Supercomputing Our Way to a Clean Energy Future

August 15, 2012

These days supercomputing isnít just for niche applications like unlocking the secrets of dark matter, finding the Higgs boson particle, or helping us understand nuclear weapons without explosive testing. With recent strides in technology and a number of high-profile success stories, advanced computing technology is catching the attention of major companies looking to lower their research and development costs while producing more efficient and more powerful energy technology.

Recently at the Workshop on the Grand Challenges of Advanced Computing for Energy Innovation near Washington, D.C., computing specialists from the private sector, national laboratories, and academia met to share best practices, discuss trends, and determine the future of supercomputing in energy technology.

Computer-assisted design software took engineers from the drawing board to the keyboard decades ago, but the bulk of variable testing still takes place with prototype models with sensors that generate a great deal of data that requires analysis. But what if engineers could develop a virtual prototype and test it under every conceivable condition on a system-wide basis? With help from the national laboratories, energy technology companies are doing just that, and recent collaborative projects and programs have benefitted both the labs and companies.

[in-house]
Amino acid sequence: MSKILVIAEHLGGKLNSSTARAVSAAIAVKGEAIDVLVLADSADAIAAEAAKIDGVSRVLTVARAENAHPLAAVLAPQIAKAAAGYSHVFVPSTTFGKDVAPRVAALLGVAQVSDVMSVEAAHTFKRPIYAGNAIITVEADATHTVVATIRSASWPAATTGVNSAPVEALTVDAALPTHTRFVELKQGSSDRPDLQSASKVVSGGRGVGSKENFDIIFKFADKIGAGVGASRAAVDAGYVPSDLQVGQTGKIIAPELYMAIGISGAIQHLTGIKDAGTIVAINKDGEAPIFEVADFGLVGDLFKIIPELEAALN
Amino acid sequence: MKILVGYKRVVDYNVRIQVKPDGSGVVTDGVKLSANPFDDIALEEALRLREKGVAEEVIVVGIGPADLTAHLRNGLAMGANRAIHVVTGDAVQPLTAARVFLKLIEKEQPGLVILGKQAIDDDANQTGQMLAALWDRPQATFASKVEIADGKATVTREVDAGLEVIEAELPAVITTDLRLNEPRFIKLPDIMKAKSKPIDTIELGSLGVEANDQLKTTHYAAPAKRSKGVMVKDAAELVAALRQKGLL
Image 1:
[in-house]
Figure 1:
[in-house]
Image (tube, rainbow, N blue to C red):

At the workshop, truck manufacturer Navistar reported significant advances in improving airflow to its vehicles, which increases fuel efficiency and durability. Instead of using expensive wind tunnel testing, Navistar used modeling and simulation software from Lawrence Livermore National Laboratory to make improvements for a fraction of traditional research costs. For the complete story, see the Energy Blog.